I kept my secret for an entire two hours.

When I spilled the beans her face almost broke in half on account of her excitement and she asked a zillion questions, including, but not limited to: could she wear ice-skates? (Yes.) Will I skate with her? (I'll do my best.) What happens if I fall down? (You get back up.) Could her skates be pink? (We can only hope.) The next day we headed to Dufferin Grove Park, one of my new favourite Toronto destinations. There we found free outdoor skating, $2 skate rentals, and hot chocolate for fifty cents. Fifty cents? I know. (They also host an organic farmer's market each week, so I'm thinking of moving in.) If you're looking for other City of Toronto outdoor rinks (some with skate rentals), you can find a list here.

Alyce was glorious. And her skates were pink. Don't let that sad face above fool you. She was just exasperated because she had to wait around until I got my skates on, clearly a tragedy. But then she looked like this:

Alyce had never been on skates before, and had certainly never experienced a Canadian outdoor rink. There were hockey players next to us, a figure skater practicing with her coach, and a collection of happy-faced novices with rosy cheeks and laced up skates. Taking Alyce skating for the first time was one of those parenting moments you remind yourself about when you're having a particularly rough day. It was golden. A perfectionist already, I was a little worried she might be too hard on herself, something akin to the struggle she feels when her drawings don't look "right." (Nothing makes me sadder than Alyce tearing up because she thinks her unicorn picture looks stupid. It is always a spectacular unicorn.) I prepared myself for mixed feelings from her, a combination of too much excitement and disappointment with not immediately skating like an Olympic athlete. I would have understood both reactions.

Alyce took to the ice holding one of those magical walker-type skating aids. Since I had only been on skates one time in the past twenty years, I could have used one myself. Thankfully for everyone around us I had enough nostalgia-fueled skill to skate enough that I could keep up her my five year old. Alyce never looked back, except to declare to me how much fun she was having. We skated for about an hour and she fell about every 90 seconds for the first half of that. But eventually she found her pace, even managing to tackle what she called "Figure Eights" (what you and I would probably call a circle), all while holding on to her walker. She tried to skate without the walker a few times, but quickly returned to the walker without shame. Skating with Alyce was joyful, even if my feet hurt because I don't actually know how to lace up a pair of figure skates.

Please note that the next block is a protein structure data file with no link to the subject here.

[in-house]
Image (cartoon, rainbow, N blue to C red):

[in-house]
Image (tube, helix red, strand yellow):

One down, ninety-nine to go. It was a great place to start.

Have you written a list yet? Will you share it with us?

Be well!

Monday, January 21, 2013

Around our house

Around our house today:

... Recovering from one of those Monday mornings where all of us should have returned to bed and started over again. Keys were lost, mysterious leg ailments abounded, snow pants zippers refused to budge, and school bells rang before we had arrived at the kindergarten door. Also, it's one million degrees below zero.

... Working on an important application letter. Again.

... Crossing my fingers that Shira is only painting on the paper in the next room.

... Packing up piles of books for a trip to the library this afternoon.

... Plotting my work plan for the week. It's a busy one. 

... Planning for Tu B'Shevat and Shabbat this Friday night and excited to welcome some of our favourite people to celebrate with us. Alyce started painting trees this morning in preparation. Also on my list: buy parsley seeds, fruits, nuts, and olives. If you're celebrating Tu B'Shevat, you can find some ideas here.

... Preparing a post for tomorrow, when I'll share with you the first thing I accomplished on my 100 Resolutions list!

I wish you the most warmest of weeks. May it be filled with wool socks and fire places!

Thursday, January 17, 2013

How to stop breastfeeding my two year old

I have no business posting any advice for how to wean your child. The only advice I really have is how to stop breastfeeding Shira, because that's what I did. Four and a half weeks ago. Thirty-three days ago. Thirty-three missed naps ago. Six hundred tantrums ago.

Can I tell you a secret? Shira is completely fine. I know she misses her milk but she's coped, well, like a child who was ready to stop breastfeeding. It's sort of how I imagine I'll feel when I finally curb my sugar intake. I have no true desire to stop eating sweets, but once I get them out of my system I frantically hope expect that I won't miss it. Maybe it's nothing like that, but my point is that Shira has shined as a non-breastfeeding toddler. The first few days were filled with requests to have milk, but even when she cried to nurse her tears were not the sobbing, devastated kind. They were more like the annoyed, not getting her way kind.

Can I tell you another secret? I am not completely fine. I miss breastfeeding Shira so much. So much that I want a support group. I listed all the reasons I love breastfeeding Shira here and here, so I won't bore you with the details of my feelings, except to tell you that I miss her with my entire body. I feel a magnetic pull to sneak her into bed and nurse. I would not be lying if I told you that more than one night I *almost* woke her up in the middle of the night to breastfeed her just one more time. For Pete's sake.